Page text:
Sarah Palin: The 'best people' she knows all have something in common
With her own pedigree as a lifelong resident of small cities like Sandpoint, ID and Wasilla, Alaska, where she was mayor, Sarah Palin has been especially effective jabbing Barack Obama over one of his most egregious gaffes as a presidential candidate -- his ill-chosen words back in the spring to San Francisco supporters about small-town Americans.
In her widely-watched speech at the Republican National Convention, Palin received one of many roars of approval when she said that "in small towns, we don't quite know what to make of a candidate who lavishes praise on working people when they are listening, and then talks about how bitterly they cling to their religion and guns when those people aren't listening."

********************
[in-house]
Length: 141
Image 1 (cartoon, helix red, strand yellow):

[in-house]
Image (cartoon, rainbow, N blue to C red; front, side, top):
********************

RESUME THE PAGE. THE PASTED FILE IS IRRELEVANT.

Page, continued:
She's routinely offered variations of that comment in her campaign appearances since then. But last week in Michigan, stumping in tow with John McCain, she took her commentary on the virtues of the nation's sparsely populated communites to a new level.
As quoted in a Saturday Washington Post piece, she said: "There's nothing wrong with small towns. In fact, I think all the best people in the world I know come from small towns."
Presumably, as her national exposure expands, she will have occasion to meet someone from an urban or suburban background who might merit entry into her "best people" circle.
-- Don Frederick